Now, we all know about Hart v. Mansfield, 21 Vet App. 505(2007). Hart held that additional development is not permitted “if the purpose was to obtain evidence against the claim,” and further noted that if the evidence was insufficient to make a decision on the claim, then the Secretary was required to obtain a medical examination. Id. at 508 (emphasis added). Well, I guess the folks in Portland never heard of Hart-let alone Messieurs Mariano and Kahana. They already had baskets full of medical evidence and VR&E reports from shrinks saying Ed the LRRP was incorrigible. He enjoyed kicking ass and taking names. The VA “examiner” proceeded to hammer two VES doctors (a shrink and a ARNP gal) to “modify” their diagnoses. Was mitral valve prolapse really part of IHD? Was having a raging anger management problem really an issue to sedentary employment out of the home? This went on for about three months. Then two more. Then another month. Each point where I expected this to bust open, another c&p was scheduled.
Finally, two years later I draw a pair of Eds. Identical ratings. Identical TDIUs. Both started out in my neighborhood and both were in the Army. Ed the LRRP moved down to Oregon which is why his took so long. And two Hepatitis C wins. Same war. Different continents. It ‘s a small world but I’d hate to have to paint it- as a good friend put it once..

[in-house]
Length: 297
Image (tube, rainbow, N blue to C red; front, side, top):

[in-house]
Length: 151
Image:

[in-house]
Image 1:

Ed the LRRP’s TDIU:
And that’s all I’m gonna say about that.
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THIS truly one of your all-time best posts. Could you have imagined thirty years ago that you would be used in 2019 for such a meaningful purpose? Further, regarding “The Silver Star”, my own late father; CWO M.W. Oliver was awarded the Silver in 1948; San Diego, CA; precisely on the Island of Coronado, where the Naval Air base exists today.The late Admiral Chester Nimitz flew from D.C. to present him for an incident that occurred in the Sea of Japan in 1943 on Oliver’s submarine, an “incident” never mentioned to his three children during the eleven years I knew him. Oliver served as submariner from 1929 to 1948 when the Navy would finally discharge he and others they were reluctant to dismiss.